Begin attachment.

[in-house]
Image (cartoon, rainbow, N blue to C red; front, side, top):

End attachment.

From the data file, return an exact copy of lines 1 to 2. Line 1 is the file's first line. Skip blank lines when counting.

[in-house]
Image (cartoon, rainbow, N blue to C red; front, side, top):